Then comes the RAM, and since we are talking about CPU processing here, it is obvious that system memory is something that has to be kept in abundance.
And again, more RAM would benefit you in Zoom itself, other software, and general multitasking too.
Zoom uses servers to connect one user to the other, which means that the CPU has to handle a lot of data at the same time.
It thus needs memory to keep those software needing an Internet connection stable, as well as handle the other tasks already running.
Now if you hover about the official recommendations, you’d see that 4 GB has been mentioned as a minimum. But in real-time, that hardly proves to be enough for normal usage, let alone run Zoom and any other task along with it.
So, it would be best for you to keep 8-12 GB of memory if you are a student or a working professional, while up to 16 gigs of it might be needed if you’re adding hundreds of participants in the same room.
The way that you’d use Zoom matters here, and so there isn’t a fixed amount of memory that we can suggest to every one of you.
However, making sure that there is free memory in the system might just solve some issues one may have while using Zoom.
The Zoom software, no matter what OS you use, wouldn’t take up much storage space on your desktop.
However, it does tend to fill up memory quickly as you record the call sessions, a feature that is useful to certain individuals and groups.
The official website doesn’t even have a storage recommendation, and so it can be safely said that one doesn’t have to buy extra storage just to use Zoom.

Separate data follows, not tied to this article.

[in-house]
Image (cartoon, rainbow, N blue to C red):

So basically, the storage requirement would depend on what other work you do on your desktop and the kinds of files you store.
At this point, there isn’t either a specific size or kind of drive that we can suggest, so consider buying a moderately sized SSD or a hard drive, depending on your budget.
A standard 512 GB-1 TB of storage space should just be enough, and you may as well use both an SSD and a mechanical drive to save money and still have enough space on the desktop.
The connectivity for any Zoom user is something of very high importance, and we are talking about both the wired and wireless connections here.
Since Zoom offers a very high quality of visuals, it also uses up a lot of your internet bandwidth.
The amount of data consumed per hour can reach up to 1.62 GB for one-on-one calls, and up to about 2.4 GB for group calls, depending upon the quality you choose.
Hence a good internet plan is mandatory, which can be through Ethernet or WIFI, depending on whichever is convenient for you.
And not just the internet, you’d need to connect other devices as well (check out the accessories section for more info), for which spare USB ports, video, and audio ports would be needed.
Also, these become more necessary if you choose to add more monitors to the setup.
Zoom meetings would be impossible to attend without the right accessories, and you’d be needing more than just a keyboard and mouse to get started.
With an AIO, you may have things like an inbuilt mic, speakers, and a monitor, but these are often average and people still choose to buy external ones for a better experience.
These need not be wireless or very expensive, since there are plenty of cheaper options too that get the work done.
One other thing that you must ensure is light, be it the natural or artificial kind dedicated for the purpose. Video calling is all about visuals, so it’s important that the people you talk to, can see you properly.
So before wrapping up for today, let’s see what sort of accessories you should be looking for.